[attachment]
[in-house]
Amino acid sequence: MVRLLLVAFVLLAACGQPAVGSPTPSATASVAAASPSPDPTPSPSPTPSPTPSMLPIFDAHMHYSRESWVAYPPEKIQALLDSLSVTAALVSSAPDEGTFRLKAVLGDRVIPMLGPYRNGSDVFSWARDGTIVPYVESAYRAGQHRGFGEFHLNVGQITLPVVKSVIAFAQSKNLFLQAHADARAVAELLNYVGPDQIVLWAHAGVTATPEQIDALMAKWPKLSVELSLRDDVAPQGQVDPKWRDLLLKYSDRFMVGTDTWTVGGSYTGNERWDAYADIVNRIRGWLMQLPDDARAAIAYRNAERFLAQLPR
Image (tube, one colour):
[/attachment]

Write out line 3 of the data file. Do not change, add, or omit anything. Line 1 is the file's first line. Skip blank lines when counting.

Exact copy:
Image (tube, one colour):